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Gustavo A. Umpierre

June 27, 1931 - March 6, 2011
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Brunswick-Gustavo A. Umpierre, age 79, died unexpectedly at his home on March 6th, 2011. He was born on June 27th, 1931 at Caguas, Puerto Rico. His father was Gustavo D. Umpierre and his mother was Maria Luisa Castro. He attended local schools in Puerto Rico until he was seventeen, when he joined the United States Army. He served with distinction in the Korean War, attaining the rank of Sergeant and earning the Korean Service Medal with three Bronze Service Stars and the United Nations Service Medal. He was given an honorable discharge and a service related disability.

Following his military service, he attended the American University for one year and then went on to attend Columbia University in New York City where he earned a BA in Liberal Arts. After that he was awarded a Fulbright scholarship to study in Madrid, Spain. While in Madrid he did extensive research in Spanish literature and later published a monograph: Songs in the Plays of Lope de Vega Function.

Eventually he became a Professor of Spanish Language and Literature and taught at Emory University in Atlanta, Georgia for several years. But the bulk of his professional life was spent teaching at the City College of New York and Fordham College in New York City.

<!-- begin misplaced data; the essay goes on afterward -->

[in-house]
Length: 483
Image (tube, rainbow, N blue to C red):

While living in New York City he began to collect and study antiques as well as art. Initially his efforts focused on American antiques and paintings, but as time went on he developed an intense interest in African art, amassing a collection of hundreds of pieces of unique African art.

In retirement he moved to Brunswick, Maine where his generous, gracious nature won him many friends. He was the man who always remembered everyone's birthday and special events, both in Maine and in Puerto Rico. Sending gifts and remembrances to his big family in Puerto Rico was almost a hobby.

He also engaged fully in his community. He made the coffee shop in the Tontine Mall his own Madrid cafe and met there nearly every day with a circle of friends, exchanging ideas and arguing issues. He supported various causes, local, national and international. But he was also a man who loved exploration away from Maine. His youthful energy belied his advancing years. He was full of curiosity about life and interested in what was going on in the world. His friends and familyfollowed his world travels to China, South American and Europe through post cards and pictures.

Surviving Gustavo are his two brothers, Jose Umpierre, Arturo Umpierre and a sister, Carmen Umpierre, all of San Juan, Puerto Rico. Also surviving are four nephews, four nieces, seven great-nephews and nine grand nieces. His family in Puerto Rico and his many friends in Maine will sadly miss him. He taught us a great deal and left us richer in spirit for having known him.

There are no services at this time. Burial will be at a later date in Puerto Rico.

Arrangements are by Stetson's Funeral Home, 12 Federal St., Brunswick, where memorial condolences may be expressed at